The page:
Cape Town - A great white shark fitted with a satellite tag in Mossel Bay about seven months ago made her way all along the coast to Mozambique – where she was captured and probably killed.
The tag on the female shark, named Brenda Fassie, has been transmitting signals from a village in southern Mozambique for a period of nearly two weeks.
On the online Ocearch Global Shark Tracker, which tracks more than 30 tagged sharks, the movement of her tag is clearly plotted.
At the end of last month, based on dots showing where signal was transmitted from, Brenda swam around the Mozambique Channel.
On October 4, she was near the shoreline and a line from this point shows her tag was moved to an area near the village of Quissico in the Inhambane area of Mozambique.
A number of dots plotted in the village show how her tag has moved around daily.
When zoomed in on, the map shows that at 5.53am on Wednesday, the tag transmitted a signal near a hut and palm trees.
Ryan Johnson, a director at Oceans Research who helped initially capture and tag the shark and who named her Brenda Fassie after the late South African singer, said he believed she had been killed.
He said the satellite tag had been bolted on to her fin.
“You can’t manually pull it off. It’s not designed to fall off,” Johnson said.
The tag would probably only have fallen off in a few years and he said if it had accidentally come off in the water, it would have sunk and the tag would have transmitted a signal from this point.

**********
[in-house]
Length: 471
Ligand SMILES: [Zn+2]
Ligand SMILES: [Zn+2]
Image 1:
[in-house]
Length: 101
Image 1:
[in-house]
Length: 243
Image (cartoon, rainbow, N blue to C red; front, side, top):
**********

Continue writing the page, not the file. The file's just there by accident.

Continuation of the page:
Johnson described Brenda as a “really cool shark” who had been strong on her release after being tagged.
Unlike in SA, great white sharks are not protected in Mozambique and it is not illegal to catch them there, making them vulnerable.
Johnson said the national protection of great white sharks was therefore not sufficient.
“Brenda is the tragic consequence that has proven this point,” he said.
Despite great whites being protected in this country, Johnson said the size of the population was decreasing and this could be because the sharks’ home range was bigger than SA and they were being captured in other waters.
He said in the next few weeks a number of sharks would probably be at greater risk of being captured and killed as they would migrate towards Durban and possibly up to Mozambique, which had a reputation for being a shark fishing hot spot.
Alison Kock, research manager for Shark Spotters, said for nearly two weeks researchers had been trying to get others in Mozambique to determine how Brenda was captured – whether she was accidentally caught or targeted.
She said based on the satellite tag data, Brenda had “definitely” been captured.
“We expected this to happen... One of our aims of research is the idea of mortality these sharks are facing out of South African water,” Kock said.
She said Brenda was one of two tagged sharks who swam up to Mozambique.
Kock confirmed her satellite tag was transmitting a signal daily and “must be in someone’s village”.
On the Ocearch Global Shark Tracker website, it gave a profile of Brenda, who was tagged on March 8 in Mossel Bay.
It described her life stage as “immature” and said she was more than three metres long and weighed 594kg.
In the Great White Shark Blog on the Dyer Island Conservation Trust website, it said aside from Brenda, another shark named Cyndi, tagged in Gansbaai, headed so far south that at one point she was closer to Antarctica than SA.
Another shark tagged in De Hoop, Maureen, headed towards Australia before returning to SA.
“This data is unprecedented,” the blog said. - Cape Times